Joker the Harlequin’s odyssey leads to conflict with Batman (Phil Braun), depicted here as a fascist corporate executive, aspiring political candidate (now President Lex Luthor, who looks like a bald Donald Trump, has passed away), and pedophile groomer with a predilection for young trans wards. None of those critical characterizations are particularly new, but The People’s Joker thrives less on unique originality than fusing together different aspects of the Batman and Joker legends in a quirky funhouse mirror-like saga of self-definition. Unhealthy boyfriends, disapproving mothers, exploitative (or absent) father figures, and makeshift families all feature in the film, which spawns a steady stream of jokes about the relationship between capitalism and authoritarianism, the fraught dynamics between internal emotions and outward appearances, and the to view everything (the world, conflict, and people) in strictly binary terms.

After much craziness, Joker the Harlequin lands a groundbreaking guest spot as host of UCB Live and is trained for that memorable performance by her idol Ra’s Al Ghul (often accomplice Tim and Eric David Liebe Hart), a legendary prankster who extols the virtues of humorous chaos . The People’s Joker is itself a demonstration of that ethos, throwing caution to the wind by indulging in uninhibited Batman-related nonsense. When the Penguin scolds his friend for preaching iconoclastic outsider stupidity and then eagerly sells it at the first opportunity, it’s a criticism Drew (and her on-screen proxy) takes to heart. The result is a finale that plunges into more and more trippy atmospheres, all the animated explosions of light, color and liquids, Saturday morning-style TV cartoon segments, variations on Phoenix’s joker dance number, and random comments about how Pixar is “emotionally manipulative and John Lasseter is a walking boundary violation in a Hawaiian shirt.”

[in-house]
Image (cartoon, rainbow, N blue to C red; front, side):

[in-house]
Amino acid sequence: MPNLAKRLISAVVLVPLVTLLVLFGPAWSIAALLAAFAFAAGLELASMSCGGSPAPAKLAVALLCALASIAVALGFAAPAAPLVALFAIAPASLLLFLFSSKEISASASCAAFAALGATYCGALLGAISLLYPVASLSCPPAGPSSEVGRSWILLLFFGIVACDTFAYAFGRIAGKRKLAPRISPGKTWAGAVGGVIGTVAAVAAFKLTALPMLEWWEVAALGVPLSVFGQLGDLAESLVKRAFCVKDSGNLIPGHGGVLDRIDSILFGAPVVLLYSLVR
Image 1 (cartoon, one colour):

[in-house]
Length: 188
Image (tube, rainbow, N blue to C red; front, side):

By the time The People’s Joker To celebrate the birth of Rick Moranis (because, well, he’s awesome), Drew has long since transformed her film into a collage of personal crises, entertainment crushes, and gonzo non sequiturs. It’s probably not the trans-origin story DC Comics wanted, but it’s one that many others will probably need nonetheless.